Herbert was pleasantly amazed by our findings.  “We could bring him down with this,” he grinned.  “How would you do this?” he asked Clair.

“Well,” said Clair, “it’s one thing obtaining highly sensitive information for ourselves and quite another going public with it.  It will be obvious where the information is coming from and would therefore put our operatives at risk.”

“Okay, okay.”  Herbert paced around the conference table.  “I’m prepared to spend several hundred thousand dollars on an operation that would topple him.  Come back to me with a plan.”

We returned to Herbertville three weeks later:  With the consent of our sources (who would be paid handsomely for their risk), Clair would take the story to a major U.S. newspaper, whose key editors he knew socially and who respected his credibility.  To make it seem like the prime minister was not being personally targeted, Clair would throw in the Ukrainian and the Pole.  If the newspaper ran this story and exposed the prime minister as a long- term Russian agent, it would scuttle his chance for reelection six months down the road.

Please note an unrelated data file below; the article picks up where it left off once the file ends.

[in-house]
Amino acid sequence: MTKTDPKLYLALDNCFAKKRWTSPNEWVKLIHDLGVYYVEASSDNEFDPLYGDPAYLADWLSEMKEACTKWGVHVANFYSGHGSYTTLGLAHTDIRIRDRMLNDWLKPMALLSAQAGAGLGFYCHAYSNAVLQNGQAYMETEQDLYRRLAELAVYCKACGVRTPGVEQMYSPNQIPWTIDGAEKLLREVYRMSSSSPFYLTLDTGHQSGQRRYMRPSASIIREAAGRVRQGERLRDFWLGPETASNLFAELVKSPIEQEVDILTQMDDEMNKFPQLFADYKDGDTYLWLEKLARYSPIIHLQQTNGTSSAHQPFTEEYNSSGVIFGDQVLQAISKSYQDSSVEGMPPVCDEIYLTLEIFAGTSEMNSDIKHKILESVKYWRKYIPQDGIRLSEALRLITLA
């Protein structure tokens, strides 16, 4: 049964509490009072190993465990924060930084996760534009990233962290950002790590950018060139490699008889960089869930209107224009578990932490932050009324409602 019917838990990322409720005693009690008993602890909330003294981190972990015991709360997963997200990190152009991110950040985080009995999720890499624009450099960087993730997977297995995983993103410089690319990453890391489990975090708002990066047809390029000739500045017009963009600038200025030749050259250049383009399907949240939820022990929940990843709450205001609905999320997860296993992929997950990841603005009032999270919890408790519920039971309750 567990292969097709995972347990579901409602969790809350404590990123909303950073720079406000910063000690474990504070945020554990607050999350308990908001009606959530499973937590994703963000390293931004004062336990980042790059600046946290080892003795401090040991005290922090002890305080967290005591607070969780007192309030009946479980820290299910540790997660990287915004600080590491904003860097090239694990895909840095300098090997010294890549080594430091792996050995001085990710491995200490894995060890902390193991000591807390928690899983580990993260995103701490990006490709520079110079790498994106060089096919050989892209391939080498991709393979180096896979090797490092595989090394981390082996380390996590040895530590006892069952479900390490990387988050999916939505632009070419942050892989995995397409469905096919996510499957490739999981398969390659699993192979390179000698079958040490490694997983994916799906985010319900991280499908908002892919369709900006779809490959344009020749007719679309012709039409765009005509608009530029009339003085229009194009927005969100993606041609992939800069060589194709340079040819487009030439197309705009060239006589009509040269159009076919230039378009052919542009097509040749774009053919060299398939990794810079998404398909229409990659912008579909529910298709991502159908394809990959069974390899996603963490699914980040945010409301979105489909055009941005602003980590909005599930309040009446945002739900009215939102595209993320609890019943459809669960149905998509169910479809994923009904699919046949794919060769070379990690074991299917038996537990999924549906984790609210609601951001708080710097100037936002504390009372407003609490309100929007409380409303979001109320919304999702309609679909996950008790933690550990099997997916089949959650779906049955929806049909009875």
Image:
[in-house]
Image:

Herbert loved the plan, and refined it with a twist of his own:  add two additional persons to the mix for further muddying.

Clair’s source came up with two new dossiers.

The first, on Vladimir Zhirinovsky, confirmed that the KGB had recruited this ultra-nationalist politician to create a political party and dilute election voting.

The second was the nephew of Boris Berezovsky, a Russian oligarch.

Herbert was thrilled.  “Can we keep it secret?” he asked.

“As I said to President Reagan,” said Clair, “when he asked if we would be able to keep our arms-for-hostages operation secret:  Of course.”

Clair went to see several senior editors.  He laid it out for them, in general terms, without identifying the prime minister or any of the others.

They apparently salivated.

All we needed was the project fee, which included paying sources for their risk.

Herbert balked, busy with other matters.  

Three months passed.

Come mid-May, the Central European country held its election.  Although the incumbent prime minister was favored to win, he lost, rendering the operation redundant.

Herbert finally got bored with his new toy (the spymaster and me) and turned elsewhere to satisfy his bouts of whimsy.